Then the actions shifts to England, and everything slows down. The main problem with Curse of the Voodoo quickly becomes apparent: there’s a profound and debilitating lack of suspense. In England Stacey keeps seeing Simbaza tribesman and hearing the roar of lions and so forth, but we’re never particularly concerned for his well-being. This is partly because Stacey is an almost entirely unsympathetic character, but also because we quickly gather that what he’s experiencing are hallucinations — no one else can see or hear them, and it’s unlikely they will do him any harm. The idea of a big-game hunter returning to England and being followed back by the spirits he thought he left behind isn’t a bad one, but Curse of the Voodoo fails to achieve the Lewtonesque atmosphere it strives for, and in the end we’re just waiting around for the climax of the movie, which is itself somewhat anticlimactic.

The small cast does well enough. Bryant Haliday was a favorite of producer Richard Gordon and he appeared in Devil Doll and The Projected Man as well as this picture, and it’s likely that the part of Mike Stacey was written with him in mind. Haliday didn’t do a lot of film work but was active on the stage. He was also an avid collector and exhibitor of foreign films, and he went on to co-found Janus films, still an important arthouse distributor today.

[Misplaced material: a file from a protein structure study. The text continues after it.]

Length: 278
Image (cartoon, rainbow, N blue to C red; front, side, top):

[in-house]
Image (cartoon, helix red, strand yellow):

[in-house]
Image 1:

One comment

  1. Two films that never made the rounds on Chiller Theater. For once, Peter Cushing plays an atypical cold fish who knows what is happening but fails to act until it’s too late, and his one scene opposite Christopher Lee is filled with tension. CURSE OF THE VOODOO is one I haven’t seen in over 30 years, rarely screened and no wonder; shot in low budget black and white at the very tail end of second features it had little chance of box office recognition (Edward Judd’s INVASION and John Saxon’s NIGHT CALLER FROM OUTER SPACE are two others that come to mind). Bryant Haliday, not a bad actor, did virtually all his roles for Richard Gordon, and would be reunited with Dennis Price in 1972’s TOWER OF EVIL. I prefer DEVIL DOLL and THE PROJECTED MAN over this one.